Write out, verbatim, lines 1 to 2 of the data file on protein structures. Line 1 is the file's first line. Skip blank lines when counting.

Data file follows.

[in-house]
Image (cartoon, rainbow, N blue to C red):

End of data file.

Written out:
[in-house]
Image (cartoon, rainbow, N blue to C red):